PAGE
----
Among the items I have in Gidget's First Aid Kit is "Septi-Smooth" products from Drs. Foster and Smith and a variety of their "Stop Itch" salves and spray. These came in handy at a campground a couple weeks ago when a camp neighbor's dog developed a hot spot after days of swimming in the lake.

http://www.drsfostersmith.com/product/prod_display.cfm?c=3307+12891+580&pcatid=580

Every dog owner should have a cone for their dog, in case they start chewing themselves for whatever reason.

http://www.drsfostersmith.com/product/prod_display.cfm?pcatid=20208

Good luck!


 

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If you Google "treating hot spots on dogs" all kinds of info comes up.


http://vetmedicine.about.com/cs/dogdiseasesh/a/hotspots.htm

What can I do to treat a hot spot?

The first thing to do is speak with your veterinarian. Due to the rapidity of spread and possibility of deeper skin infection, it is wise to start treatment with your vet. Also, these hot spots can be very painful to the animal -- caution is advised, use a muzzle if need be for your protection.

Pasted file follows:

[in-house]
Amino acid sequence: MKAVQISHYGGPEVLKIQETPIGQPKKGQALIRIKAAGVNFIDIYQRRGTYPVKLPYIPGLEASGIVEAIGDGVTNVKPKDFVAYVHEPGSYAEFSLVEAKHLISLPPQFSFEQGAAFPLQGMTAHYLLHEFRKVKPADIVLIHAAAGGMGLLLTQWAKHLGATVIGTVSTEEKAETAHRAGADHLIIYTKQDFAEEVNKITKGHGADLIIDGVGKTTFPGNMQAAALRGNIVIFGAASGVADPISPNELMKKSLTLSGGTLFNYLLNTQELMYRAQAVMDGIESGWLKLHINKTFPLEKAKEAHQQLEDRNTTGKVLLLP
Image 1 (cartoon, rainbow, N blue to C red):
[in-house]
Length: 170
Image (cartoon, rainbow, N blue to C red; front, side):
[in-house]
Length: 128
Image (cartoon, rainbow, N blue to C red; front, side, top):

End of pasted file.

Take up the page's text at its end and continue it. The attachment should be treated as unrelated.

Shave the area. The first treatment for hot spots is to dry them out and get air to the area. Hair loss is a feature of hot spots, but hair can also mat over the inflamed area, covering up a potentially much more severe and large problem.

Cleanse the area with cool water and a gentle skin cleanser.

Cool compress the area 2-4 times a day with a cool wet washcloth.

Medications - Depending on the severity and size of the hot spot, your veterinarian may prescribe oral antibiotics, topical drying sprays or medications, and/or special shampoos.

Prevention of licking, biting, scratching -i.e. Elizabethan collar

Additional home remedies that can be used until you can see your vet:

tea bag compresses (black or green tea) to help dry the area out. Tea can be used as a wash or as a compress.

Domeboro's (Burow's) solution (aluminum acetate) - available over-the-counter at pharmacies to help dry the skin out. Can be used as a compress or as a spray.